Management includes diagnosis as well as treatment. Diagnosis requires accurate clinical examination of the external genital and inguinal region. It includes assessment of tumor size, location, fixity, shaft involvement, penile base and scrotal involvement as well as palpation of both inguinal regions for lymphadenopathy. Carefully note the size, mobility and consistency. Clinical suspicion must be confirmed by biopsy. Assessment of depth, vascular invasion and histological grade are very important for planning further management. Physical examination of the inguinal region remains the gold standard for evaluation of metastases for small distal lesions. USG or contrast-enhanced MRI is recommended for advanced or high-grade lesions. CT scan and MRI have the same accuracy for nodal assessment. Metastatic workup should include chest X-ray, CT scan of abdomen and pelvis and bone scan in case of suspected distant metastases. The biochemical profile is usually normal. Anemia and leukocytosis may be present in patients with chronic illness and superadded infection. A review from Memorial Sloan Kettering Cancer Center shows that hypercalcemia in absence of bone metastases was present in 20% of patients 8 . CT-guided biopsy of enlarged pelvic nodes is recommended in presence of inguinal metastases. If positive, neoadjuvant chemotherapy should be given. A commonly used staging system is TNM staging (AJCCsystem, sixth edition) 9 .
Fluorouracil cream or neodymium:YAG laser treatment is effective for carcinoma in situ and helps in organ preservation. Surgery either in the form of partial or total penectomy is the cornerstone of treatment of penis carcinoma. Radiation may be beneficial in a small group of patients with a psychological advantage of organ preservation. For advanced T stages (>T2), radiation has a significant disadvantage. Small lesions involving the prepuce or glans can be managed by circumcision or excision biopsy. According to Donat et al, Mohs micrographic surgery can be used in early-stage lesions with equally good result as partial penectomy 10 . In Mohs micrographic surgery, layers of malignant cutaneous tissue are removed under local anesthesia. Each shaving is fixed and microscopically examined until the cancer-free plain is reached. It results in glandular deformity. A small proximal tumor can be managed with partial penectomy if a 2cm margin is available. Advanced penile tumors (T4, N2/N3 and/orM1) require total penectomy with perineal urethrostomy. In 50% of the time, inguinal lymphnodes which are palpable are inflammatory. Four to six weeks of antibiotic treatment should be given after treatment of the primary tumor. After the antibiotic course, the groin should be carefully examined for lymphadenopathy. Patients with low-grade tumors in whom nodes normalize after antibiotic therapy are candidates for watchful waiting. Of the persistent nodes, up to 50% will have metastases and in patients with unilateral metastases, up to 50%will have contralateral disease. Sentinel node biopsy is not reliable in view of high false-negative rates 11 . Patients in the low-risk group with clinically negative groin should be advised watchful waiting those in the high-risk group with clinically negative groin should undergo early lymphadenectomy. Modified inguinal node dissection is nowadays’ procedure of choice for inguinal node dissection with the advantage of small incision and preservation of the saphenous vein, the transposition of the Sartorius muscle is eliminated, and it has low morbidity as compared to standard node dissection 12 . Complications of inguinal node dissection are limb edema, seroma, lymphocele, scrotal lymphedema, flap necrosis and wound infection. The role of chemotherapy is still evolving and it may be beneficial in presence of advanced unresectable disease and proven lymph node metastases. Combinations of methotrexate, bleomycin, cisplatin (MBP) or vincristine, bleomycin, and methotrexate (VBM) can be used with some success 1314 .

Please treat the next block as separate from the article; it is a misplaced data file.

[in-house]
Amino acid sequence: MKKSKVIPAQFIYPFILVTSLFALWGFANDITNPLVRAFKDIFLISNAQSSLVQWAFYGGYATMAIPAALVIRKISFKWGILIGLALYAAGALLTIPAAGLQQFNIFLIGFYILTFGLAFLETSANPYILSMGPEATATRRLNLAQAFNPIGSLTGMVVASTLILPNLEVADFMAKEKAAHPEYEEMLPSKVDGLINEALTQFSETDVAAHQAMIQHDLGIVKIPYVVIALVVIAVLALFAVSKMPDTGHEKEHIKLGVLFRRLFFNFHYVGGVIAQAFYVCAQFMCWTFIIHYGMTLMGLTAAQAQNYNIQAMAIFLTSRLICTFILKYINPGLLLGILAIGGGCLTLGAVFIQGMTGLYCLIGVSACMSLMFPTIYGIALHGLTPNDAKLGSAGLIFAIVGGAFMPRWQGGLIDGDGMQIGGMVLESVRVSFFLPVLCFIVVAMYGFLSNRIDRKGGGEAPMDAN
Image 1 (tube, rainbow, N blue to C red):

Those patients, who are on watchful waiting policy for the groin, require clinical examination of groin every 2 months for the first 2 years, then every 6 month for 2 years and then yearly. After inguinal node dissection, patients should be followed every 3 months for the first 2 years, then every 6 months for 2 years and then yearly 15 .
I would like to acknowledge my institute Pramukh Swami Medical College and Shri Krishna Hospital for its kind support.